As my Mintz colleague, Peter Saparoff, suggested a few years back, Section 18 of the Securities Exchange Act of 1934, "while seldom used in the past, has been increasingly used by institutional investors in suits against banks and other entities." In the article linked, Peter noted some of the advantages (and limitations) of utilizing Section 18 to pursue claims where a plaintiff has relied on alleged material misleading statements to its detriment.
In a case filed earlier this week in the U.S. District Court for the Southern District of Texas, in addition to its Section 10(b), 20(a) and 14(a) (and common law fraud) claims, plaintiffs also alleged that defendant Alta Mesa, certain management and board of director defendants all violated Section 18 of the Exchange Act. Per the Complaint, "an investment analyst working on behalf of Plaintiffs read and actually relied upon information contained in Alta Mesa’s 2017 Form 10-K (to the extent that Form 10-K was on file with the SEC at the time) in making each purchase of Alta Mesa common stock. In ignorance of the falsity of Defendants’ statements, or of the true facts, Plaintiffs purchased Alta Mesa common stock in actual, justifiable, eyeball reliance upon the representations made by Alta Mesa, the Management Defendants, and the Board Defendants."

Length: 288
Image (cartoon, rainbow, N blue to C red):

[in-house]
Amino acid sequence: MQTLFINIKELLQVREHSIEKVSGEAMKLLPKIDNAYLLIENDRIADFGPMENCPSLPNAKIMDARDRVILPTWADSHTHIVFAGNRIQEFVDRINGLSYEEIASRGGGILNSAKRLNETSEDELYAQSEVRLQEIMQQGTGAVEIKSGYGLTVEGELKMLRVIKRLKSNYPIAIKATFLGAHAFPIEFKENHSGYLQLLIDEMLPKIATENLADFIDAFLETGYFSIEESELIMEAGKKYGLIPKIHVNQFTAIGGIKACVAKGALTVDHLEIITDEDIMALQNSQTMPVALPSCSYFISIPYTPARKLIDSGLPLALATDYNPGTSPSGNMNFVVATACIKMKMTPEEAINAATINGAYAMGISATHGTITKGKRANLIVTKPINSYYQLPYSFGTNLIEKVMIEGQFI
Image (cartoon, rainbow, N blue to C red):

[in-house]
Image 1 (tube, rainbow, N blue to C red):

With core securities class action filings involving SPACs on pace to exceed last years all time high total of 33 (see Cornerstone Securities Class Action Filings 2022 Mid Year Assessment ), it will be interesting to see what old and new tools plaintiffs continue to utilize in prosecuting these cases.
Indeed, Defendants’ misconduct included directly misleading Orbis’ investment advisors during numerous in-person meetings and calls. Orbis relied to its detriment on what Defendants misrepresented to Orbis’ investment advisors during these meetings in purchasing and holding Alta Mesa securities